The United States said Wednesday it had charged four Chinese intelligence officers with helping an American citizen spy on prominent critics of China.
Together all five conspired to silence Chinese dissidents, pro-democracy activists and human rights leaders, New York prosecutors said in a statement.
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The US citizen — 73-year-old Shujun Wang, a prominent Chinese-born academic living in New York — was arrested in March on suspicion of acting as an agent of the Chinese government.
The indictment, dated Tuesday, accuses him of using the pro-democracy organization that he founded to “covertly collect information about prominent activists and human rights leaders.”
Federal prosecutors say he passed on the information to his “handlers” inside China’s Ministry of State Security (MSS): Feng He, Jie Ji, Ming Li and Keqing Lu.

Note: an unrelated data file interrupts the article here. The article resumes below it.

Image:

The agents directed Wang to target Hong Kong pro-democracy activists, advocates for Taiwanese independence, and Uyghur and Tibetan activists, the Brooklyn prosecutors said.
He passed on messages to the four “using encrypted messaging applications and emails, as well as during face-to-face meetings” in China, according to the department of justice statement.
Wang faces up to 20 years in prison if convicted. His four co-defendants remain at large.
Wang was arrested on March 17 as US Attorney for the Eastern District of New York Breon Peace announced charges in three separate cases.
In one, MSS agent Lin Qiming, 59, was accused of conspiracy to harass a congressional candidate who was a student leader of the pro-democracy demonstrations in Tiananmen Square in 1989.
In the other case, Fan “Frank” Liu, 62, of New York; Matthew Ziburis, 49, of New York; and Qiang “Jason” Sun, 40, of China, were charged with conspiring to act as agents of the Chinese government.